Tripartite Cold War
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History by Continent

The timeline diverges as the 1964 Race Riots in Singapore, between the Chinese and Malays, are divided along the political line, between socialism and the Chinese-dominated Malay government. The conflict entagles with the Vietnam War, giving the South Vietnamese and Malay government mutual and added support from international society, fearing the Domino Effect more than ever. The conflict results in a victory for the Malay government, but the Vietnam conflict ends in a stalemate, with Vietnam still divided.

The South Vietnamese Buddhist crisis ends when Malay-backed Buddhist insurgents assassinate Ngo Dinh Diem and set up a puppet government, run in a neo-fascist style developed by pan-Southeast Asian nationalists. Personal union between Malaysia and South Vietnam resulted in the formation of the Viet-Malay Republic.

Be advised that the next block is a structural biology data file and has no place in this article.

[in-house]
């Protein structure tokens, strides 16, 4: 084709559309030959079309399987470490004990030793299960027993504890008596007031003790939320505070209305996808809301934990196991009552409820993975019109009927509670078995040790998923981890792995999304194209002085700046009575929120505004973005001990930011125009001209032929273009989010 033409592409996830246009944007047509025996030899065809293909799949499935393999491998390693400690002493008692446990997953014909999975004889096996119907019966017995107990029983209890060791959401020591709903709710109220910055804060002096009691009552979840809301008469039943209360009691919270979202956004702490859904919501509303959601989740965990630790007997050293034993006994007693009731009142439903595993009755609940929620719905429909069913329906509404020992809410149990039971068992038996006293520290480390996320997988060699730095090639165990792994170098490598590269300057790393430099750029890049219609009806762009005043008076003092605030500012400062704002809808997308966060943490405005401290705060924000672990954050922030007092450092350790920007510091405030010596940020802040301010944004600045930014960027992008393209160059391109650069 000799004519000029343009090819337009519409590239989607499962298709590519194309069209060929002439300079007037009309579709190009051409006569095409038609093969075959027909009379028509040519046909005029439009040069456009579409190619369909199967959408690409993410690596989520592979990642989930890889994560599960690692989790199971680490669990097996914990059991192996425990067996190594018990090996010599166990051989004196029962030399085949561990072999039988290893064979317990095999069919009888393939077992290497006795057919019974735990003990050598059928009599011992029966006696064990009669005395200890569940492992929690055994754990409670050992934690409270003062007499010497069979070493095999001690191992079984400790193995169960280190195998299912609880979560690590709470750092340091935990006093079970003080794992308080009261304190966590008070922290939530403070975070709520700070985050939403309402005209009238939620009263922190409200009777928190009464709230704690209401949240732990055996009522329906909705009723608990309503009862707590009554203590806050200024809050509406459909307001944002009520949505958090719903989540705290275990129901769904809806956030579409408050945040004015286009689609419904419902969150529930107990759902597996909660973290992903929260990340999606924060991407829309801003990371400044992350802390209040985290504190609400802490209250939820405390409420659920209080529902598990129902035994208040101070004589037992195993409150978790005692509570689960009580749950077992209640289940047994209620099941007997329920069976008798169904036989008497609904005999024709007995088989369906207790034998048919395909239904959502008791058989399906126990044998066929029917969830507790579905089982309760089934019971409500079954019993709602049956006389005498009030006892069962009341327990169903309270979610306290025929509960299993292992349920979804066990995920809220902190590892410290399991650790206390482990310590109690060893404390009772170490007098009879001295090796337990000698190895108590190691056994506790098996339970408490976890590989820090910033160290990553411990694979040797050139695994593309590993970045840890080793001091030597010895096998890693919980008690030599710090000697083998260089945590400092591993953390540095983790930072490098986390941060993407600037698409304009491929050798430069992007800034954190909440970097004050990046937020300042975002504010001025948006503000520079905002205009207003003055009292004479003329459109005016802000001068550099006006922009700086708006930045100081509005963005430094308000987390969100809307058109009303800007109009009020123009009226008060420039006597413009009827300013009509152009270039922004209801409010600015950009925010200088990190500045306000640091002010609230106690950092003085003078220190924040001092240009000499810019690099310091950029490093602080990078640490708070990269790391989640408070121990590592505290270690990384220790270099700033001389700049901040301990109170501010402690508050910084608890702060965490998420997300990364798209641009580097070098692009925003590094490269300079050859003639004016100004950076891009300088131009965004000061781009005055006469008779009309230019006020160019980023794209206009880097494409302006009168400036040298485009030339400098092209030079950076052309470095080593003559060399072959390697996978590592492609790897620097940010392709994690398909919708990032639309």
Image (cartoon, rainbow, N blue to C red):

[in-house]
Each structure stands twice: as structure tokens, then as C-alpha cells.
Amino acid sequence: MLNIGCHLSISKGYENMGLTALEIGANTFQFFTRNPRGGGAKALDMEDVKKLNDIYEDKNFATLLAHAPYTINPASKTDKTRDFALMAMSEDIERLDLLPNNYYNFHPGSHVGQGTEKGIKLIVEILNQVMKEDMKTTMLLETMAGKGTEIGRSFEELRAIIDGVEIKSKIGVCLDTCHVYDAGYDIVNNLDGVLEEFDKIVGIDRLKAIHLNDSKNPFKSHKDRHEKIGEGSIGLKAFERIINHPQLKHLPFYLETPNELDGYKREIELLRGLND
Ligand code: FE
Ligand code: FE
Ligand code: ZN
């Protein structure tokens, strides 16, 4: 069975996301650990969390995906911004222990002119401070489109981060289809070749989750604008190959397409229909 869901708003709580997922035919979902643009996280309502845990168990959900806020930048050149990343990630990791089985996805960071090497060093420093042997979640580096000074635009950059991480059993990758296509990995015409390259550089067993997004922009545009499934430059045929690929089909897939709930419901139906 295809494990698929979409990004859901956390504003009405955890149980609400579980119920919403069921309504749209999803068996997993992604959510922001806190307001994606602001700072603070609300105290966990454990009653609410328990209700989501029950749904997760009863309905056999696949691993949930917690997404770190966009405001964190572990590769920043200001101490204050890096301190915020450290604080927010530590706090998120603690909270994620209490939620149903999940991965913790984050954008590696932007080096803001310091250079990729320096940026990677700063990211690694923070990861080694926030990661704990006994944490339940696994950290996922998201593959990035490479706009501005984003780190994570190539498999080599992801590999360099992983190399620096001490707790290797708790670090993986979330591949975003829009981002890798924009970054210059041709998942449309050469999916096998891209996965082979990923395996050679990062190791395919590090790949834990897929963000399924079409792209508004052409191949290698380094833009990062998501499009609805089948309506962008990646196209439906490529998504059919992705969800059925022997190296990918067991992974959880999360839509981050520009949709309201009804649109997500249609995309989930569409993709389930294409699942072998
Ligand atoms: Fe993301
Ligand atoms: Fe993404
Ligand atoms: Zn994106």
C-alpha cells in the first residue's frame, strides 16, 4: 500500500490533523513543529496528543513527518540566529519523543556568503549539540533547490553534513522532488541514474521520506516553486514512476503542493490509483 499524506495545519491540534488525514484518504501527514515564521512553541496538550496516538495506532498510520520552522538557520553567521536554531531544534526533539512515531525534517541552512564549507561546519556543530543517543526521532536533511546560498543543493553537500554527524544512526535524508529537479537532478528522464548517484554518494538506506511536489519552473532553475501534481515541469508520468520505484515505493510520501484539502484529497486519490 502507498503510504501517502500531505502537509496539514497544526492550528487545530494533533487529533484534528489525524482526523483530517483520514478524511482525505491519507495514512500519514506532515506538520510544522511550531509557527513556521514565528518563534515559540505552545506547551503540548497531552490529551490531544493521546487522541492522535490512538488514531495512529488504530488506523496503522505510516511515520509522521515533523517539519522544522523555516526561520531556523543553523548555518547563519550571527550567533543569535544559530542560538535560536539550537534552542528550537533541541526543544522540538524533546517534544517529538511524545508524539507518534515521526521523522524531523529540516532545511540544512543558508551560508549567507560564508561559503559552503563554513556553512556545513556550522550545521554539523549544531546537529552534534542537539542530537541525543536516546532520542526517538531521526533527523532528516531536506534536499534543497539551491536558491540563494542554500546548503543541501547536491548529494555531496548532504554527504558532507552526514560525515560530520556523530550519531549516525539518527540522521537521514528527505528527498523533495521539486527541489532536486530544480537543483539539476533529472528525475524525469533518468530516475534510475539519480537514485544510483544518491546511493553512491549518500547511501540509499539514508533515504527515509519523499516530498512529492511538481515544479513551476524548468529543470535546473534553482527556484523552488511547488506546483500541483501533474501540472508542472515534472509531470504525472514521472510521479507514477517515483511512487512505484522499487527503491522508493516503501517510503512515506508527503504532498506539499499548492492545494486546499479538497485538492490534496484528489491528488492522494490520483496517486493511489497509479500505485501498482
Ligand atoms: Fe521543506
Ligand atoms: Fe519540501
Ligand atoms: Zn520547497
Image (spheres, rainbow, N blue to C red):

Little did the Americans know, the Domino effect was taking place, as Myanmar and Kampuchea were influenced by the republic, while Thailand was replaced with a Soviet-backed communist government.

Over the next several years, the Viet-Malay government, in order to spread influence, supported nationalist movements in several countries. In 1974, the Chittagong Accord was signed by the governments of Vietlaysia, Myanmar, Kampuchea, the Bharat Confederation, Persia, the Incan Republic, Azteca, Maya, Jordan, the Egyptian Empire, Taiwan, Brasil, the Spanish Republic, Bhutan and Argentina.

In 1992 the Soviet Union fell, but the neo-fascists remained in power. Tensions exploded in 1994 when the United States of America invaded Azteca from the north…

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